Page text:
Tickets are now on sale for Union Historical Society’s popular Come Spring Bus Tours, offered as part of Union’s Founders Day celebrations July 15 and 16.

The tours of local historical sites will depart from the Old Town House on Town House Road at 5:30 p.m. Friday, July 15, and at 9:30 a.m. Saturday, July 16. Tickets are priced at $12 and the tour takes place rain or shine. Ticket-holders must claim their seats at least 15 minutes prior to departure time.

The narrated 2 1/2-hour bus tour follows the Georges River Scenic Byway and identifies sites where Union’s early settlers built cabins and lived. Names of the settlers are documented in town records and their lives and stories are recounted by Ben Ames Williams in his 1940 historical novel, "Come Spring."

Included in the tour are dismount stops at five historic sites, of which four are located on private property and are not open to the public at other times. After visiting settlers’ gravesites in the Common Cemetery on Ayer Hill, the tour will stop at the cellar hole of the cabin where Philip Robbins’ large family spent a crowded winter in 1776, and then at the homestead of Robbins’ oldest son David.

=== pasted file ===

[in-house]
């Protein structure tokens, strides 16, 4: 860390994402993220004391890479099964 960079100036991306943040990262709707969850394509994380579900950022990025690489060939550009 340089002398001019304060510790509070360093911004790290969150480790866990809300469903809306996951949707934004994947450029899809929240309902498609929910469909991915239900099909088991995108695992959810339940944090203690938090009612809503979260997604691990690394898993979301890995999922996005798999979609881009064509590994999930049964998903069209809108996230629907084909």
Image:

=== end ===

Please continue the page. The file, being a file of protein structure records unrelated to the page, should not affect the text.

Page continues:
After a circuit over the blueberry barrens of Clarry Hill, tour participants visit the site of the “Royal Mess,” the bachelor home of Jason Ware, Joel Adams and Matthias Hawes, overlooking the hillside where Adams and his wife Mima Robbins built their home.

The fifth stop is at the Ebenezer Alden House on Common Road to see Alden’s barn and his store, which was opened in 1800 and operated for a century by the Alden family. Many founders’ names are listed in the store register.

Come Spring Bus Tour tickets may be purchased by calling UHS Board member Mary Thompson at 385-4611 (not 785!) and leaving a message. The tours usually sell out and advance purchase is recommended.